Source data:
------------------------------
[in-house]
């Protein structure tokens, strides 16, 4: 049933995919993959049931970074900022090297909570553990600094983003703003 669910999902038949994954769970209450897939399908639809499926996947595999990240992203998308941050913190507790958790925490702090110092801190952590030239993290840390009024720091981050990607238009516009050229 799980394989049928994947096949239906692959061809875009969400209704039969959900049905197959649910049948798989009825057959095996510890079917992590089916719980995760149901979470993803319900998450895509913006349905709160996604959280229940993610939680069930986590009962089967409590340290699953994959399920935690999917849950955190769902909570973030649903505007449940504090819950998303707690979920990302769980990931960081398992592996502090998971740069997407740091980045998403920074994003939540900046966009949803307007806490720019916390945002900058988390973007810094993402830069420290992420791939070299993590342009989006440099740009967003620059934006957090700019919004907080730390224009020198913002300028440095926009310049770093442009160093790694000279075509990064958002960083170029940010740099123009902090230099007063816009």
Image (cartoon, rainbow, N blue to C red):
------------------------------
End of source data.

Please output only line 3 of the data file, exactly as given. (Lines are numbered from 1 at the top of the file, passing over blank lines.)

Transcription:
Image (cartoon, rainbow, N blue to C red):